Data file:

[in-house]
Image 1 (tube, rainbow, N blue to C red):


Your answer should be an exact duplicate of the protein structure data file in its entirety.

[in-house]
Image 1 (tube, rainbow, N blue to C red):